When to Hire a Marketing Agency
- If you’re a smaller or medium-sized start-up
- If you’re a larger brand that’s looking to streamline processes
- If your in-house team is stretched too thin
- If you’re seeking people with more diverse skill sets
- If you want to gain access to more influencer databases
Integrating PR and Marketing
In the early days of marketing, you could reach your target audience with just a few touchpoints. An event here, a press release there…you get the idea.
Now, companies have to utilize everything in their PR and marketing toolbox in order to stay competitive. And it turns out that taking an integrated approach has proved to yield the best results for businesses big and small.
If you want to successfully blend both methods into one cohesive communications strategy, consider the following tips:
Maintain Consistent Messaging. Depending on the medium of your messaging, the brand story and value proposition need to be consistent across all channels of outreach. If marketing and PR efforts aren’t in alignment, this can’t be achieved.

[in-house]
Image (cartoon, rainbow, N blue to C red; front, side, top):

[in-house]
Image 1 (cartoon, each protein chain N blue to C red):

Use PR to Strengthen Content. From articles to executive presentations, brands invest a ton of time and money into content development. PR efforts are specifically designed to amplify this content. This, in turn, can effectively move people down the marketing funnel. Use the combined power of PR and marketing to publish content that will reach, engage, and drive your audience to buy.
Optimize, Optimize, Optimize. Marketers have long been focused on optimizing content in online promotional materials to ensure they’re easy for customers to find. SEO specialization shouldn’t just be used to boost the visibility of marketing content, but on PR items as well—press releases, blogs, editorials, etc.— by optimizing the copy around certain keywords.
In the battle of PR vs. marketing, there’s no clear winner. In fact, you could say they’re two sides of the same coin.
Both have overlapping qualities and play vital roles in accomplishing a company’s long-term and short-term goals.
Despite their distinctions, when used together, PR and marketing have the capacity to amplify the reach of your brand’s message and take your ROI to new heights.